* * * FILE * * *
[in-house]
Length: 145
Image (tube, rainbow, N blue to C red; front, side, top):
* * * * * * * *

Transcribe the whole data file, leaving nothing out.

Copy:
[in-house]
Length: 145
Image (tube, rainbow, N blue to C red; front, side, top):